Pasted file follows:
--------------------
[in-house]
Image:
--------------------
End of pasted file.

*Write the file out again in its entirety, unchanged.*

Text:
[in-house]
Image: